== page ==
Many of the same kind of characters exist in both films; Alessandro Nivola’s pretentious fashion designer could just as easily be Kyle MacLachlan’s swanky casino entertainment director; Malone’s character portrays the friend, at least at the beginning, who provides the tormented Jesse with solace (as Nomi had); Karl Glusman’s Dean, the only character in the film with any sense of humanity, could be Glenn Plummer’s genuine love interest; and jointly Bella Heathcote & Abbey Lee represent the rival element as Gina Gershon did in Verhoeven’s film, the statuesque models on their way down as Jesse is on her way up. The two films, though tonally and textually miles apart, share a common DNA.
Refn is far more intentionally abstract than Verhoeven ever was, however, in Showgirls or anything else. Whereas the message in Showgirls was how you could ultimately beat and escape a system which lifts you up and sends you plunging back down, Refn’s message is far less clear and far bleaker. Verhoeven seemed to actually like his protagonist in the end, despite how self-centred and naive she could be, whereas Refn seems to take a certain twisted delight in Jesse learning her very literal, visceral lesson: this industry will eat you up, chew you, and spit you out. It’s almost shocking in how macabre her fate really is.
The signs are all there though, all across the film. The Neon Demon is entirely about predators, in all shapes and sizes. Reeves’ paedophilic creeper and the psycho-sexual urges he practically spells out in dialogue at one point to Dean; Nivola’s immediate obsession with Jesse on the catwalk, seeing her as a means to an end, as indeed does Desmond Harrington’s elite photographer Jack, happy to fire lesser models on the spot and calmly tell Jesse to strip naked before his camera. This doesn’t even factor in Malone’s Ruby and her lesbian desires or the cold predatory instincts of Heathcote’s Gigi & Lee’s Sarah. Nobody cares Jesse is, technically, a minor. Everyone is happy and willing to exploit her.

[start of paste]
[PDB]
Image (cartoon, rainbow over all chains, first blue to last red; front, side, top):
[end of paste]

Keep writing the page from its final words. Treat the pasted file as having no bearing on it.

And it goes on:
Refn spells out this with the bizarre moment involving the tiger inside Jesse’s room in the motel, as on the nose a metaphor as you can imagine. Later, in the grand house where Jesse is confronted by the devils of her nature, statues of various predatory animals stand. Visually, with Refn’s deep reds contrasted with white purity and creeping darkness, his portrait is consistently one of a woman being steadily consumed by a heartless industry which values only artifice. Jesse ends up believing her own hype, fashioning herself into that indefinable *something* no one can quantify, but Refn seems to want her punished for such lofty egotism. Perhaps that’s his message: be careful what you wish for.
Many have accused The Neon Demon of having zero substance behind the cool style but that doesn’t seem entirely fair to me. There’s a great deal of metaphor and subtext, even extending to Cliff Martinez’s astonishing score, which fuses a retro-synthetic bass with the twinkling fall of diamonds on glass which represents the hollow nature of the industry Refn is exploring. It’s an extraordinary composition which sits alongside Refn’s frequently arresting, dangerously beautiful and abstract visual palette. Every shot in The Neon Demon is considered and interesting.
If it’s vacuous, however, then that surely is the point. Refn intentionally doesn’t seem to invest the characters with any sense of depth or meaning beyond how they look, precisely because they have stripped all of that away. Not even Jesse is likeable, even at the start when she’s green and willowy. The only person with any soul is Dean and he swiftly is discarded when Jesse starts to buy into what she looks like. She even tells him “I’m pretty, and pretty will get me far” or words to that effect. On a surface level, Refn’s film is shallow but its shallow because that’s the mirror. It’s a film which reflects the soulless lives of these often psychotic, sociopathic people who will do anything for beauty.
Despite what the film is saying, and in spite of its ambiguous message about the nature of artifice, The Neon Demon perhaps shouldn’t be considered in such detailed terms. People may get on with it better accepting it’s a pulpy, somewhat exploitation-leaning horror film, even if Nicolas Winding Refn tries to dress it up as arthouse drama. Take a tip from his characters: enjoy it for how it looks, not for what it is.